Arizona

You know you’re in trouble when “The Daily Show” sends a “fake correspondent” to your state capitol. Perhaps it was inevitable – who could resist the irony of a state literally selling its capitol to the highest bidder?

The comedy in the footage of the aforementioned correspondent standing on Rep. Kyrsten Sinema’s desk to test the quality of the drop ceiling in her office was eclipsed only by the tragedy of Rep. Linda Lopez’s complete inability to answer the question that should have been first on the mind of every elected official in Arizona: “After you sell these buildings and have to pay rent on them, how will you balance the budget next year?”

But the “Daily Show” segment was only the beginning. What’s got the cable “fake news” programs and incredulous audiences worldwide rolling in the aisles now is even more far-fetched: Arizona’s gonna privatize death row. State leaders want to give out lucrative, long-term contracts to private, for-profit corporations to run entire state prison complexes, essentially putting rent-a-cops in charge of women inmates, sex offenders and supermax lockdown units. Brilliant! How come nobody ever thought of this before?

Because it’s a terrible idea. In 30-plus years of America’s experiment with prison privatization, never has a private company run entire state prison complexes with multiple security levels. Only one, Corrections Corporation of America, manages high-security prisoners, and only in very small numbers. Even Tennessee, home of CCA, wisely passed on the company’s offer to run the whole state system.

Private prison companies prefer to cherry-pick the prisoners that are already cheapest to house – low-security with no medical, disciplinary or mental health problems. That way, they can skimp on paying or training their staff and make a nice tidy profit.

So why would any of these corporations even think of putting up $100 million to get some crumbling old prison buildings and contracts to manage prisoners from minimum to death row? Because their campaign contributions and armies of lobbyists have convinced Arizona lawmakers to sweeten the deal. The bill actually requires the state to split the savings generated through privatization 50/50 with the private operator. That’s right – we have to give them half the money back.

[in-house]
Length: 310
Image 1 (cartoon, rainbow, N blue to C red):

But wait! There’s more! The deal allows the prison companies to raise their per-diem rate (the amount the state pays them per prisoner, per day) every year for the length of the contract. With no upper limit. And what’s a measly $100 million compared to the combined guaranteed income of 20-year lease payments and those sweet per diems over the length of the contracts?

Now, a story like that is a comedy gold mine! The New York Times, first nationally to report on the story, attempted to hide its smirk behind reassuring quotes from Rep. John Kavanagh, a backer of the proposal who just happens to be chair of Arizona’s Joint Legislative Budget Committee, which happens to oversee the Department of Administration, which will be managing the contracts.

But there was no restraining Stephen Colbert, who took the Twainian opportunity to take this ridiculous idea to its most extreme conclusion: Let’s just privatize the entire criminal justice system and pay cops a commission for every arrest. Surely the profit motive will result in more efficient “justice.” How could there be anything wrong with the idea of profiting from depriving other human beings of their freedom? Ha! Ha!

And now the joke is going global. On November 23, the Guardian UK featured a story whose incredulous author referred to the Arizona proposals as “bizarre” and “kooky.” Resisting the urge to outright mock us, Mr. Abramsky did, however, soberly note that the joke is really on the people of Arizona. Citing the dismal track records of abuse, escapes and riots that have plagued the private prison industry for its entire existence, he warned that this “wacky” scheme could have dire consequences.

So, laugh it up, everybody. Arizona taxpayers appear only too happy to foot the bill for your amusement. And be sure to tune in for the next installment, chronicling a state in even deeper debt, on the hook for 20-year contract obligations it can’t afford, fending off lawsuits over shoddy prison medical care and prisoner abuse scandals and frantically searching for the next brilliant short-term scheme to get us out of this mess.